Mystery Books for Sale

[ Home ]
[ About | Reviews | Search | Submit | Links ]


by Mark Morris
Hammer, October 2012
352 pages
6.99 GBP
ISBN: 0099556278

Buy in the UK | Buy in Canada

Ten years previously, several children went missing from the town of Shettle. Three men, teacher Nick Miller, private investigator Chris Blaine and doctor John Kersh confront the killer at the mysterious Mitre House and in the ensuing battle the house is burned to the ground. With his dying breath, the killer curses the town and promises that their children will die to bring him back to life.

Ten years on and the town is in decline. Unemployment and crime are rife. Then a circus arrives in town and suddenly everyone can talk of nothing else. The populace is compelled to attend the performance. Certain individuals, though, are starting to be aware that their brains are not working properly and they cannot remember the events of ten years ago that had a devastating effect on their lives. Then a "barrier of sickness" encircles the town and no-one can enter or leave. More people disappear and mutilated corpses are found in the woods. Most of the town is enthralled by the circus and it is down to the original three witnesses, plus Lynette Michaels, a young reporter who as a girl narrowly escaped the original murders, to save the town from the curse of the immortal killer.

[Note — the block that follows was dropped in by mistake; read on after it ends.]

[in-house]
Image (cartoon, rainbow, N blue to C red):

One of a range of novelisations of classic Hammer films, I was pleasantly surprised by the quality of the writing in this book. The tension is built nicely as the central characters come to the realisation that the minds of the whole town are being controlled, as well as recovering some of their own suppressed memories. Slowly they remember and realise that their own families are the first targets.

The contrast between the magical world of the vampires and the pragmatic world of the humans trying to fight them is emphasised as the climax of the book is reached first at a local church and finally beneath the ruins of Mitre House. The body count by the end of the book is impressive, but the author wisely implies most of the violence rather than describing it directly.

These are not the cuddly vampires with a conscience of Buffy the Vampire Slayer or the Twilight saga. They are ancient and evil and implacable in their determination to resurrect their fallen brother or die in the attempt.

Sylvia Wilson is a professional veterinary surgeon and amateur singer and actor who lives in Gloucestershire, England with her husband, dog, and horses.

Reviewed by Sylvia Wilson, April 2013

[ Top ]



Contact: Yvonne Klein (ymk@reviewingtheevidence.com)

[ About | Reviews | Search | Submit | Links ]
[ Home ]